Super (2010) Review
When drug dealer Jacques (Kevin Bacon) kidnaps Frank’s wife Sarah, the leading man must suit up as The Crimson Bolt and, together with Libby's alter-ego Boltie, make a desperate attempt to rescue her.
This film is unnecessarily violent. There are multiple stabbings, and gallons of blood split in the name of a comedy, but it is all too much. The gore is attempting to be part of the humour, but it forgets that violence alone isn’t funny. Hot Fuzz is violent, but its humour comes from the strong dialogue and music, both of which this film lacks. James Gunn forgets that violence for violence’s sake is never enjoyable when everything else is lacking.
The special effects are poor, even by 2010 standards. One scene, in which Wilson's character has a vision that God touches him, is so shoddy that it ruins any immersion in the film. When effects are done as badly as this, the small budget the film becomes distractingly clear.
This is, without a doubt, James Gunn’s worst film by far.
The characters in this film are also quite poor. Frank Darbo is the only one who truly has justice done to him, as the loss of his wife drives him mad. His descent is what drives the film, and it is only after his wife’s rescue that Frank realises he has gone too far.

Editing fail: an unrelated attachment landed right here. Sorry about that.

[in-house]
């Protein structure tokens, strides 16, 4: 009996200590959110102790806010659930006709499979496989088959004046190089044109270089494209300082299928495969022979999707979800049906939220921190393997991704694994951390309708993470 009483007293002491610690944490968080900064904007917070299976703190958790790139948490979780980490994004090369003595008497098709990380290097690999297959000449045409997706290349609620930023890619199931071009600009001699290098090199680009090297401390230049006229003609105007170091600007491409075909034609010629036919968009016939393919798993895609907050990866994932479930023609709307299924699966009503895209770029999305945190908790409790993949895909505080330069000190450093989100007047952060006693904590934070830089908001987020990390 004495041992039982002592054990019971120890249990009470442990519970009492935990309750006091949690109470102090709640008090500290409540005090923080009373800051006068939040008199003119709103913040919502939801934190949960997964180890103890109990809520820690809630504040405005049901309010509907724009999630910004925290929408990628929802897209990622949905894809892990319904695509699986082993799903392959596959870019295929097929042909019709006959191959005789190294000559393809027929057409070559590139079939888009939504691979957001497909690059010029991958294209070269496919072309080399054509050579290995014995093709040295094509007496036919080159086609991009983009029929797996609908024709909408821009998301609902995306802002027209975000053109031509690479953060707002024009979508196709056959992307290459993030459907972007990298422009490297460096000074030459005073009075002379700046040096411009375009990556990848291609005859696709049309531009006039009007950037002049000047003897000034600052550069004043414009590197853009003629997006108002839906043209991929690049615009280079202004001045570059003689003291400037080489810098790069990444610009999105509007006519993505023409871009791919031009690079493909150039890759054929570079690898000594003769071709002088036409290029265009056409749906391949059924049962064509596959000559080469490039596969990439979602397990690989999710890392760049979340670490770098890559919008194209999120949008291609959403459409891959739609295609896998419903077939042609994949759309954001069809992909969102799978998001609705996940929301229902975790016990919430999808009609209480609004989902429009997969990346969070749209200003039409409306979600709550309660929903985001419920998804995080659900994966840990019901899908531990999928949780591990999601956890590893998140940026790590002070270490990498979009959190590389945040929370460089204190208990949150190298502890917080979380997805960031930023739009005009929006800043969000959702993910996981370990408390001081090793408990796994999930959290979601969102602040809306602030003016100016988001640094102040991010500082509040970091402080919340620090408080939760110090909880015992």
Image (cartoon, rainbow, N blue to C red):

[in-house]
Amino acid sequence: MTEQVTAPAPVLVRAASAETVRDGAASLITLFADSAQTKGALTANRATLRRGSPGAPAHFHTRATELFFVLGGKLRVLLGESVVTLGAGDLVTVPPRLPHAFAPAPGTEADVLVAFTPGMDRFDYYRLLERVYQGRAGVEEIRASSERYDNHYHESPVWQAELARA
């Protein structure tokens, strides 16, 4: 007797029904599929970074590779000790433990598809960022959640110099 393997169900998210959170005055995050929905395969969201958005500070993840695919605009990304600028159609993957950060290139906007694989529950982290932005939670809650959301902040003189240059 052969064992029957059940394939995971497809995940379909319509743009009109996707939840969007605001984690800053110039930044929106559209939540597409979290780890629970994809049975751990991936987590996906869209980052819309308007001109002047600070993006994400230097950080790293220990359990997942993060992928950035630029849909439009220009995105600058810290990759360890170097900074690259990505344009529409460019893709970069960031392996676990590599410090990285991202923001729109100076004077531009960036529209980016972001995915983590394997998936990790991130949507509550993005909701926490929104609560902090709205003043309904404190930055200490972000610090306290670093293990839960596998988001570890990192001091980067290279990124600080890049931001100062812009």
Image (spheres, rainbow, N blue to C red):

Libby’s character, on the other hand, is simply not good. They only exist as a sidekick to Frank, and only have the one character trait. They think violence is super cool and do unspeakable things throughout the film's runtime. As a viewer, this is jarring. The tiny bit of conflict being presented between the characters isn’t believable; the film resolves it too quickly and has no lasting effect.
Super also wastes Kevin Bacon as Jacques. After his first scene, he is hardly in the film, and when he is it is only to play a generic drug boss. Gregg Henry’s Detective John Felkner has no noteable role either. He is only in three scenes that do not impact the overall plot at all, before his character meets an underwhelmingly unhappy end.
Overall, the only two upsides to the film are Frank’s character and its short run time. Yet unlikeable side characters, poor special effects and excessive and ultimately pointless violence brings it crashing down. This is, without a doubt, James Gunn’s worst film by far.